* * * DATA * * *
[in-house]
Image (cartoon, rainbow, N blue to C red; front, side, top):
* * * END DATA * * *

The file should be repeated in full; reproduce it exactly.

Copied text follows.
[in-house]
Image (cartoon, rainbow, N blue to C red; front, side, top):